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Love Stories of Hawaii

Long Distance Love

Juliet's Honolulu Sojourn
Dedicated to JGB 11-29-18 to 06-06-02 R.I.P.

Submitted by Anonymous

The year was 1917. In April that year the United States entered World War I. The couple was John and Juliet, recently wed in New York City. John was an entomologist who specialized in wasps and had just received a research grant to study in far-away India. Juliet, one of four spinster sisters whose family ran a private school for girls in New York, was approaching 43 and had not expected to marry. How they happened to meet is lost in family history though Juliet, in love, had to withstand family opposition to John as a suitor, to the marriage itself and, most of all, to the plan to travel from family, home and city to the ends of the earth. What is known is that the couple set sail for India soon after they married, stopping in Hawaii enroute as the romantic highlight of their wedding trip.

Juliet found herself with child after they had been in India for a short while. There were letters back and forth between New York and India, with her sisters determined this baby should come into the world someplace where "modern" medical care could be assured. So when the time approached, in deference to their fears, Juliet sailed for Hawaii, leaving behind her concerned but distracted husband, who was intent on meeting his research obligations. She arrived back in Honolulu in early October 1918 without her beloved John, who missed not just his bride but the birth of his only child. Two weeks after Armistice Day marked the formal end of WWI, on November 29, after a long arduous labor, a daughter was born. She was named Juliet for her mother and her grandmother. In time, the Juliets, mother and child, left Hawaii for New York as the family was far beyond adamant that the young child must not be taken to India to live in such a wild, foreign and exotic place.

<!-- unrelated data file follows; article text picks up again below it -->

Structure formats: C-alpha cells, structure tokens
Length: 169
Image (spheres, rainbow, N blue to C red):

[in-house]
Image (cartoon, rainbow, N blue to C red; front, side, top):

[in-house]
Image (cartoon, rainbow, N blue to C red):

That baby Juliet was my mother. The sisters had a visit of several months with their married sister and her new baby. Little Juliet, the only child of the new generation, became dear to her aunts very quickly. When the baby had grown some and was healthy, robust and happy with her aunts, her mother, desperately missing her husband, sailed back to India. Baby Juliet stayed on in New York where she spent her toddler years as an adored much-younger child at the family's school. Two years later, research complete, John (who was as the result of this expedition to have a newly-found wasp named for him) and Juliet sailed back to the United States. On the return voyage, they stopped again in Hawaii, this time for second honeymoon, then continued on home, where they lived in New York and Washington while their daughter, my mother, grew up. Mother always bore the imprint of the exotic and her birth in Honolulu was the stuff of our romantic family legends.


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